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So I passed the written – a test my friend Pilar called “easy” but which took me a couple of tries (while my ego took a beating) to master. In the end, I’d triumphed. I’d passed; the hard part was over. I had my Cuban driving permit. I wasn’t a bit worried about the road test – I’d been driving for years before my US license expired, including in Havana. It was just a formality.
Famous last words, as Mom would say.
Countdown: 16 Days to Go
Our friend Camilo stopped by for a visita on the eve of the road test. This was serendipitous. Camilo is a professional taxi driver and an old hand at Cuban rules of the road.
“You’ll be fine – just be careful how and where you park. They like to get tricky with that.”
This gave me pause.
“How about the car I’m using? Does it matter that I’m taking it in kind of a clunker?” It wasn’t one of those Meyer Lansky-era jobs mind you, but a car with sus problemitas nonetheless.
“As long as it’s manual – you can’t take it in an automatic. And make sure the emergency brake works. They won’t let you test if it doesn’t.”
The emergency brake, of course, was the car’s major problemita. It was totally flojo, flaccid. Stopping that car with the emergency brake was like trying to shoot pool with a piece of rope.
Sleep was elusive that night. I could blame the refurbished mattress, but my tossing and turning and anxious sighs were caused by images of loose emergency brakes and personal failure followed by financial ruin.
We arrived bright and early the next morning at the police precinct parking lot where the road test began. My stomach was in knots and my eyes had the itch and irritation of insomnia – allegories for my mental and emotional state. It wasn’t yet 8:00 am and already three were three testees, plus their representantes – those folks who drove us to the test and would perform the car inspection before setting out. I took el último. We chatted to pass the time. My hyperkinetic, chain smoking husband did little to allay my nerves.
My heart was beating faster than is normal or healthy when Oswaldo, our examiner (or inquisitor, depending on how you look at it) strode up. He gathered us around and explained the exam. He reviewed common mistakes and what skills he’d be looking for.
“If we fail today, how soon can we come back to retake the test?” I asked. My clock was ticking faster than a childless 40-year-old with maternal tendencies and I needed to know exactly where I stood.
“You have to wait a week and can only take it three times. If you fail all three times, you have to wait a year before taking it again and then you start from zero, with the written.”
He asked for all the candidates to step forward with their documents. I was the lone foreigner. There were some younger folks with their bling and blasé attitude, plus an army guy (see note 1), a truck driver, and a tall dreadlocked dude with an extranjera girlfriend so butt ugly she could have cracked a mirror (see note 2).
Oswaldo asked each representante to take the wheel of the cars we’d be testing in to verify that the blinkers, brake lights, and emergency brake were in working order. My husband tossed his smoking cigarette aside and got in the car.
“Accelerate and pull the break,” he was instructed.
He did so. Oswaldo looked at me.
“Back up and do it again. Without stepping on the brakes this time.”
The love of my life did as he was told and coasted to a stop too many yards away.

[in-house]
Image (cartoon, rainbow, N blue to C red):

Oswaldo shook his head. “You can’t take the test in this car. Can you find another?” I told him we would.
My husband called his office and they sent over an even older car that rattled when it rolled. Now I had sweaty palms to go with my irregular heartbeat. This car, not surprisingly, also failed the pre-test inspection. I was starting to get seriously worried. My Plan B – tossing a buddy of mine a “Benjamin” every week for use of his jalopy truck during my assignment abroad – was tenuous at best and I there was no Plan C. I walked home steamed.
After raging against my husband’s shitty work vehicles to our empty living room, I gave my good friend Angela (she of the Cuban Thanksgiving) a call. She had a nearly new Korean jobbie – small and simple – that I was sure she would lend me. She’s solidaria like that. Not only did she agree, she came over later that afternoon so I could give it a test drive.
“Does your car have a name?” I asked her once I was behind the wheel.
She looked at me as if I’d asked her to join me on a stroll of the Malecón with an ‘abajo el socialismo‘ sign.
“It’s just that I know a lot of people who name their cars: Bruce, Chico, Rocinante. That way you can talk to them – maybe cajole them into behaving better. Kind of like plants or kids.”
I took Angela’s no name car for a spin and it felt like I always did behind the wheel: like an experienced driver. We agreed to meet the next morning in the police lot.
Stay tuned for Part III of Conner’s Adventures at the DMV.
1. I steered clear of any chit chat with this fellow for his sake: all members of the Cuban armed forces who come in contact with a foreigner – even inadvertently – must file some ridiculous paperwork about the encounter. I learned this one day as I sat on my friend’s couch when her nephew dropped by. He was in uniform and tried to hightail it out of there before he was compromised, but too late. This regulation of contact with foreigners is why folks in uniform looking for a botella (hitchhiking – common throughout Cuba) won’t get in your car if you offer them a ride.
2. It’s not my style to notice – much less comment – on someone’s physical appearance (beauty is on the inside after all) but this woman was extraordinarily, exceptionally ugly making me think other factors were likely at play in this Cuban-foreigner hook up.